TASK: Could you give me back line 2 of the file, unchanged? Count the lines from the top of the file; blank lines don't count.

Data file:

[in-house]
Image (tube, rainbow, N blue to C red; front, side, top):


Image (tube, rainbow, N blue to C red; front, side, top):